The number returned from Parse_Edit_Options is a bitmask which indicates which operations to perform on the value. These flags are passed to the Edit function, which performs the operation. But before we call Edit, we have to handle flag 32768. This is the flag that indicates to remove the comments. This is not handled by Edit, so we handle it here. We march through the characters in the string, looking for an exclamation point. As we go, we take note of any quotes. Thus we only pay attention to exclamation points that are not within quotes. When/if found, we trim the value to just before that point and exit the loop. After calling Edit we return the value to the caller.

function Parse_Edit_Options( S : string ; var Context : string ) : integer ;

var I : integer ;
    S1 : string ;

begin
    Result := 0 ;
    while( S <> '' ) do
    begin
        I := pos( ',', S + ',' ) ;
        S1 := copy( S, 1, I - 1 ) ;
        S := copy( S, I + 1, length( S ) ) ;
        if( S1 = 'COLLAPSE' ) then // Removes all spaces or tabs.
        begin
            Result := Result or 2 ;
        end else
        if( S1 = 'COMPRESS' ) then // Replaces multiple spaces or tabs with a single space.
        begin
            Result := Result or 16 ;
        end else
        if( S1 = 'LOWERCASE' ) then // Changes all uppercase characters to lowercase.
        begin
            Result := Result or 512 ;
        end else
        if( S1 = 'TRIM' ) then // Removes leading and trailing spaces or tabs.
        begin
            Result := Result or 8 or 128 ;
        end else
        if( S1 = 'UNCOMMENT' ) then // Removes comments.
        begin
            Result := Result or 32768 ;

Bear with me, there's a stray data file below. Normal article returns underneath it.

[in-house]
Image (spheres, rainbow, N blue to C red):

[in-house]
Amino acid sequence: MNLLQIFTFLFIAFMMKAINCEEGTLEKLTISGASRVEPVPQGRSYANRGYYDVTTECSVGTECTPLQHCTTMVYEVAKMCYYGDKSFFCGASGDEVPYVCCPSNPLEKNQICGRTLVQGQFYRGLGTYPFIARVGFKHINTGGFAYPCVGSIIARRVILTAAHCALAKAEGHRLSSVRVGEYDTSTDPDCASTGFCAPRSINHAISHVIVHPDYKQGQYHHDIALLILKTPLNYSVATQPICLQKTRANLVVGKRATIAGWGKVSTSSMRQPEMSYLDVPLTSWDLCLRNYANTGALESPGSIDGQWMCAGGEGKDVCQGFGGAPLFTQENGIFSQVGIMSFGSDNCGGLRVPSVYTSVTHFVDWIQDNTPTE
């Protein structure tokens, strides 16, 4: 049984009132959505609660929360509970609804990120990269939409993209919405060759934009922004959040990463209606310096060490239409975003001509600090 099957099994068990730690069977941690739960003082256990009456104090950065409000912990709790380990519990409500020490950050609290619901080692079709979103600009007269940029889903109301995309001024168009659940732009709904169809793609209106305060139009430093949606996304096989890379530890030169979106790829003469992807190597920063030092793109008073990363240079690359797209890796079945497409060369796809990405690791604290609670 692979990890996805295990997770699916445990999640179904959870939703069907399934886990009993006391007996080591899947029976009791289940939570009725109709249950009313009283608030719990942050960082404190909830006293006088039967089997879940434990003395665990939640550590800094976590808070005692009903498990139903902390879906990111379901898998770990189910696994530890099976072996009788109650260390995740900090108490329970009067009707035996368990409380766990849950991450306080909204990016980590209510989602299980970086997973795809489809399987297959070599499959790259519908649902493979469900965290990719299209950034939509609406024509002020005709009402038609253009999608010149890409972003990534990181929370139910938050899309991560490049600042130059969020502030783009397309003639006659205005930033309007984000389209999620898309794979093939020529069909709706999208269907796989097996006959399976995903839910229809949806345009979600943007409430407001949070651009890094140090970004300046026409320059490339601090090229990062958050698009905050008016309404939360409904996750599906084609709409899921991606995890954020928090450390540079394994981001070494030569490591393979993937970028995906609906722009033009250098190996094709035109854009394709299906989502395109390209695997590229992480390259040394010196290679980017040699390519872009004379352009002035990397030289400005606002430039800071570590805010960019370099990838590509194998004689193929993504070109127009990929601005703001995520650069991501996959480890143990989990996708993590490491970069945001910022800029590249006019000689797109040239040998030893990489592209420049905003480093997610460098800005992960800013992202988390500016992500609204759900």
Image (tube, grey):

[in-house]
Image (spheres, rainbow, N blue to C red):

end else
        if( S1 = 'UPCASE' ) then // Change all lowercase characters to uppercase.
        begin
            Result := Result or 32 ;
        end else
        begin
            Result := 0 ;
            Context := S1 ;
            exit ;
        end ;
    end ;
    if( ( Result and 544 ) = 544 ) then // Both UPCASE and LOWERCASE
    begin
        Result := Result and ( not 512 ) ; // Remove lowercase option
    end ;
end ; // Parse_Edit_Options
This function converts one or more text option specifications to the set of flags used by the Edit to accomplish the requested options. Once we've built the bitmask, we check for the case where both UPCASE and LOWERCASE are specified. If so, we remove the LOWERCASE option.


F$ELEMENT returns one element from a string of elements.

Format
F$ELEMENT(index, delimiter, string)

Return Value
A character string containing the specified element.

Arguments
index

Specifies the zero-based index of the element to extract. This is an integer expression. If this value exceeds the number of elements in the string, the function returns the delimiter.

delimiter

This indicates the character used to delimit the elements. Note that this must be a single Unicode character of less than 128.

string

This specifies the string of delimited elements.

Example
$ X = F$ELEMENT(1,",","A,B,C,D,E,F,G,H,I,J")
This would return a value equal to "B".

        Function_Element : begin
                               if( Missing_Parentheses( '(' ) ) then
                               begin
                                   exit ;
                               end ;